Sunday, October 30, 2011

American Born Killers

Anwar al-Awlaki, an American citizen, was killed September 30, 2011, on direct orders of President Obama

"President Barack Hussein Obama should be impeached by the House of Representatives and removed from office by the Senate because he used the power of the Federal Government to murder a United States citizen." Powerful words, and one might think that they were the concoction of a right wing nut job or a Republican Presidential candidate, although, as Mark Twain once famously said, but I repeat myself. No, those words weren't spoken by anyone at all, so far as I know. although Congressman Ron Paul hinted at it several weeks ago. But the accusation against President Obama is unquestionably true, assuming that we still have a viable Constitution of the United States.

The Fifth Amendment states, in part: "No person shall be held to answer for a capital, or otherwise infamous crime, unless on a presentment or indictment of a Grand Jury..." It also states that "nor shall any person be ... deprived of life... without due process of law."

Sometime in 2010, President Obama ordered the targeted assassination of a United States citizen, Anwar al-Awlaki. On September 30, 2011, acting on President Obama's direct order, members of the United States military killed him. Mr. al-Awlaki was not killed on a battlefield. He wasn't collateral damage or a casualty of war. His specific death was ordered and it was carried out. However, Mr. al-Awlaki was never indicted by a grand jury. He was never formally accused of any crime in any United States court. Mr. al-Awlaki was never arrested. He was never given a trial. At the time of his killing he was not engaged in a military attack on any United States citizen or property, and so far as news reports are concerned, he had never engaged in any act of violence towards any citizen of the United States.

This country did not erupt in outrage after he was killed. The United States Code defines Murder as " the unlawful killing of a human being with malice aforethought. " There is no law higher than the Constitution in the United States, and there is one clear requirement before a particular human being may be killed by deliberate government action: a presentment or indictment by a Grand Jury, followed by "due process of law."

This isn't an "after the fact" kind of argument. In 2010 Al-Awlaki's father filed a lawsuit in a United States Federal Court in Washington, D. C. to stop the unlawful killing of his son- but lost:

"What the government is doing is imposing the death penalty without trial," said Jameel Jaffer, a lawyer for the American Civil Liberties Union, which along with the Center for Constitutional Rights took al-Awlaki's case."

The government lawyer's position in response to the lawsuit was strange, to say the least:

"Administration officials have confirmed to The Associated Press that al-Awlaki is on a capture or kill list, although Justice Department attorney Douglas Letter said in court that he would neither confirm nor deny it. But Letter said if al-Awlaki turns himself over to authorities, he's in no danger of the United States using lethal force against him."

Strange because Mr. al-Awlaki was never formally charged with a crime- no arrest warrant had issued for him. Why would a person who is not charged with a crime but who suspects with good cause that he will be held indefinitely without formal charges or a trial turn himself in? And to whom did Mr. Letter expect Mr. al-Awlaki turn himself in- who were the unspecified "authorities" Mr. Letter referenced? The FBI couldn't have arrested him without a warrant. Did Mr. Letter expect Mr. al-Awlaki to drive to CIA headquarters in Langley, Virginia or hire a boat and sail to the gates of Guantanamo, Cuba?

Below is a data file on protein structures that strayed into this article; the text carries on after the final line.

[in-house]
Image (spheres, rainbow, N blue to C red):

The Supreme Court has defined Due Process over the last century and a half to include the right of the accused to written notice of the charges leveled against him or her, the right to counsel to assist in his or her defense, the right to confront the witnesses against him or her, the right to secure the attendance of witnesses on his or her behalf, the right to trial by jury where incarceration or death is a possible punishment, the right to an impartial finder of fact, the right to be heard in one's own defense, and the right to equal protection of the law- meaning that we can't create one set of rules for one person or one category of persons. None of those rights are afforded to the human beings who have been detained in Guantanamo for years, and none were afforded to Mr. al-Alwaki before he was murdered on orders of the President of the United States.

There is no question that the killing of a United States citizen by orders of an American President is murder. There is also no question that this would arise to the level of a "high crime" within the definition of impeachable offenses listed in Article II of the Constitution. The only question is why there is no one in Congress other than the inimitable Ron Paul- no one on the left or the right, Democrat or Republican, all of whom swore an oath to uphold and defend that document-- who is willing to speak the truth and initiate impeachment proceedings of the President. And Congressman Paul said only that he is willing to "consider" it.

You will note that I have not mentioned what conduct of Anwar al-Awlaki so offended a President of the United States that his killing was ordered and carried out. I haven't said what religious or ethnic group defined him, or what his political views were. I haven't mentioned those things because under our Constitution, in our Republic "with Liberty and Justice for All," it just doesn't matter.


Anonymous Anonymous said...


4:45 PM  
Blogger Rielle said...

Really? Seriously??

11:31 PM  
Blogger James Finkelstein (Ga.) said...

Yes, seriously. For more on it, go to this video:

10:38 PM  

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